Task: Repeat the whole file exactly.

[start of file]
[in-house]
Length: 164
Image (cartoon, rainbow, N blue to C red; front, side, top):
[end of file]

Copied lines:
[in-house]
Length: 164
Image (cartoon, rainbow, N blue to C red; front, side, top):